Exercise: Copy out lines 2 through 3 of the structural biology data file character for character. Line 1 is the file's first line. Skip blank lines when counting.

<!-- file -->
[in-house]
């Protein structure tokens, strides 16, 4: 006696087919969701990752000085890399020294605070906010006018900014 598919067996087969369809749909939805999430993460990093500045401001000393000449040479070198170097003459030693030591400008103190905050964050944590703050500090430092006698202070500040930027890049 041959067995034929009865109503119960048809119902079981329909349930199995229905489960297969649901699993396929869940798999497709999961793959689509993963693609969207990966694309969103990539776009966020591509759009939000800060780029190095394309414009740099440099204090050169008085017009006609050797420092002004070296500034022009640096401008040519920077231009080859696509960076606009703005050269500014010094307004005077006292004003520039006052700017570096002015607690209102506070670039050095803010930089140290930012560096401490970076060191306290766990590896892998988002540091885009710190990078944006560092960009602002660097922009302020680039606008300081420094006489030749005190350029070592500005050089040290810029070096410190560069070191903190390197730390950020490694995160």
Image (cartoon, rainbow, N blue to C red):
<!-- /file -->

């Protein structure tokens, strides 16, 4: 006696087919969701990752000085890399020294605070906010006018900014 598919067996087969369809749909939805999430993460990093500045401001000393000449040479070198170097003459030693030591400008103190905050964050944590703050500090430092006698202070500040930027890049 041959067995034929009865109503119960048809119902079981329909349930199995229905489960297969649901699993396929869940798999497709999961793959689509993963693609969207990966694309969103990539776009966020591509759009939000800060780029190095394309414009740099440099204090050169008085017009006609050797420092002004070296500034022009640096401008040519920077231009080859696509960076606009703005050269500014010094307004005077006292004003520039006052700017570096002015607690209102506070670039050095803010930089140290930012560096401490970076060191306290766990590896892998988002540091885009710190990078944006560092960009602002660097922009302020680039606008300081420094006489030749005190350029070592500005050089040290810029070096410190560069070191903190390197730390950020490694995160």
Image (cartoon, rainbow, N blue to C red):